Climate Change

New idea touted to rapidly restore food security post disaster

Johann Bell from NGO Conservation International said when Cyclone Pam tore through Vanuatu in 2015 it took 18 months to restore significant fishing.

That was because its coastal Fish Aggregating Devices (FADs) were destroyed, he said.

The NGO has teamed up with the Vanuatu fishing authority to fill two disaster proof containers with FADs materials so the large scale tuna lures can be restored following a cyclone.

People could be fishing again about three weeks after a disaster, Dr Bell said.

Prime Minister Jacinda Ardern announces $150m Pacific climate funding

Ms Ardern made the announcement in Tuvalu, where she is attending the 18-nation Pacific Islands Forum which starts today.

She said the government was ring-fencing half of its global commitment to climate change-related development, to ensure it went to the Pacific.

The funding will go towards providing infrastructure such as water tanks, better tools for dealing with droughts, floods and coastal inundation, as well as further climate hazard mapping and risk planning.

Australia says its committed to addressing climate change

Last week a number of Pacific nations signed a declaration calling for greater action against what they called a "Climate Crisis" and an end to coal mining.

Palau's President Tommy Remengesau Junior also made a plea for Australia to take further climate action and the environmental NGO Greenpeace said the country should step aside from engaging in the region, if it wasn't going to change its policies around coal and energy.

World Bank to prioritise climate change resilience in Pacific

Its vice president for East Asia and the Pacific, Victoria Kwakwa, was in Tonga last week for talks.

Ms Kwakwa said the World Bank was working closely within Australia's Step Up and New Zealand's Pacific Reset programmes.

"We've been working on several things including supporting countries to strengthen their climate change resilience, working to support policy reforms to build their economic resilience and we're also working together on the connectivity agenda," Ms Kwakwa said.

"As you know, this region is very remote, even compared to other small island states."

Call for bold move by Australia to improve Pacific relationship

But observers said no substantial change is expected for Australia's engagement in the region after the Coalition's surprise win at the weekend.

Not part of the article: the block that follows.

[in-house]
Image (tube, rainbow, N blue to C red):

Shane McLeod of the Australian think-tank, the Lowy Institute, said Australia's so-called Pacific step up, a suite of policies and funding initiatives brought in in 2017, will likely continue.

But he said with losses on the hard right, there may be more room for the government to manoeuvre on climate change.

UN chief praises Vanuatu government’s efforts to combat climate change

In a statement, the UN chief said climate change is now an existential threat to the Pacific countries. He called on all decision-makers around the world to show ‘enlightened self-interest’ because it is not only the Pacific that is at stake, it is the whole planet. He stressed that to save the Pacific is to save the whole planet.

During his visit, Guterres met with Tallis Obed Moses, President of Vanuatu. The two discussed the effects of climate change on the small island State and efforts being made to increase its resilience.

Pacific leaders call for urgent global action to reverse climate change

Following a high-level political dialogue with the UN Secretary General, Antonio Guterres in Suva, the leaders issued a statement saying climate change is the ‘single biggest threat to our Blue Pacific region.”

Forum Chair and Nauru President, Baron Waqa read the statement on behalf of the leaders.

The Pacific leaders said all countries must take decisive and transformative action to reduce global emissions and ensure at scale mitigation and adaptation support for those countries that need it.

UN head to mobilise world around Pacific climate needs

Antonio Guterres attended a community roundtable event in Auckland Monday, as he kicked off his Pacific tour.

He departs for Fiji on Tuesday before heading to Tuvalu and Vanuatu to complete his regional tour.

Mr Guterres said the Pacific islands were the first victims of climate change.

"Not only some of them because of the rising level of water represents an existential threat, some might disappear, but also because of course climate change brings with it a lot of negative consequences," he said.

Vanuatu exposes US climate change denial at COP24

The talks in the city of Katowice have centred on a recent critical UN climate report which said urgent action was needed to keep global warming to a maximum of 1.5 degrees Celsius.

The US, Russia, Saudi Arabia and Kuwait blocked full endorsement of the report, only agreeing to note it.

Vanuatu's Foreign Minister Ralph Regenvanu took the stage on Tuesday to single out the countries for not doing enough.

Sir David Attenborough: Climate change 'our greatest threat'

The broadcaster said it could lead to the collapse of civilisations and the extinction of "much of the natural world".

He was speaking at the opening ceremony of United Nations-sponsored climate talks in Katowice, Poland.

The meeting is the most critical on climate change since the 2015 Paris agreement.

Sir David said: "Right now, we are facing a man-made disaster of global scale. Our greatest threat in thousands of years. Climate change.